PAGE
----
# How to multiply arrays (or lists)?

Noobie question here:

Is there a method that will allow me to replicate an array a variable number of times?
I am thinking of an operator similar to python’s * , which you can apply to arrays:
[ 1 , 2, 3] * 3 ==> [1,2,3 ,1,2,3 ,1,2,3,]

My use case is that I have an array of arrays representing melodic cells and I want to to construct a sequence of pitches by repeating each subarray a random number of times and combining the result. Something like the following, let’s say (I’m omitting durations for simplicity):

``````~cells = [ [ 1, 3, 5, 7], [1, 3, 2]];
~minMax = [2,5] ;
~pitches = PSeq[~cells.collect({
|item i|
var reps;
reps = rrand(minMax[0],minMax[1]);
item * reps);            // <== does not work...
}) ;
// Then PBind etc.
``````

I may be getting at this from a wrong angle, perhaps. Suggestions on better approaches gladly welcome.

Hello Cleinias,
surely there are better ways but you can do it like this:

``````(
~cells = [ [ 1, 3, 5, 7], [1, 3, 2]];
~minMax = [2,5] ;
~pitches = Pseq(
~cells.collect({
|item i|
var reps;
reps = rrand(~minMax[0], ~minMax[1]);
item ! reps;
}).flat.postln;
);
)
``````

Thanks Kesey,

I had looked carefully at the docs before posting but could not find any mention of the ! operator. Wold you mind sharing how I could have found out?

Also, please do not keep me on edge on the better ways of doing this

http://doc.sccode.org/Overviews/SymbolicNotations.html#Miscellaneous%20operators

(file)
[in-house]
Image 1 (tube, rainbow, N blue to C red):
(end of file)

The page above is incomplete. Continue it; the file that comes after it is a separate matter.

FWIW I (almost) rigorously avoid `!` in my own code because it’s hard to find in the help – readability over concision.

In any case: Since the end goal is streaming, here are a couple of pattern-idiomatic ways:

``````~cells = [[1, 3, 5, 7], [1, 3, 2]];

(
Pswitch(
~cells.collect { |cell| Pseq(cell, 1) },
Pdup(
Pwhite(2, 5, inf),
Pn(Pseries(0, 1, ~cells.size), inf)
)
)
.asStream.nextN(50)
)

(
Pflatten(1, Pdup(Pwhite(2, 5, inf), Pseq(~cells, inf)))
.asStream.nextN(50)
)
``````

hjh

Thanks, your examples look much better indeed. Will delve into patterns further.

In SuperCollider:

[1, 2, 3] * 3 == [3, 6, 9]

and:

([1, 2, 3] ! 3).flatten == [1, 2, 3, 1, 2, 3, 1, 2, 3]

or longer:

[1, 2, 3].dup(3).flatten == [1, 2, 3, 1, 2, 3, 1, 2, 3]

You can give this a name if you like, including an operator name:

``````+ Array { !- { arg count; ^ (this ! count).flatten } }
``````

After which:

[1, 2, 3] !- 3 == [1, 2, 3, 1, 2, 3, 1, 2, 3]

You can also give it a local name.

var df = {arg array, count; array.dup(count).flatten }; df.value([1, 2, 3], 3) == [1, 2, 3, 1, 2, 3, 1, 2, 3]

It depends how much you’re using it.

Oh, overlap, sorry. More characters to be long enough to send.

``````[1, 2, 3] ! 3

[1, 2, 3] dup: 3

[1, 2, 3].dup(3)
``````

The `!` operator is a shortcut for `.dup`

``````[1, 2, 3].dup(3).flat.sum
``````

`-> 18`

It’s only documented for class `Function`, though it’s also included as an instance method for class `Object`… so it applies to everything.

It’s often used for Multichannel Expansion… the `!` operator will always return it’s results in a single collection.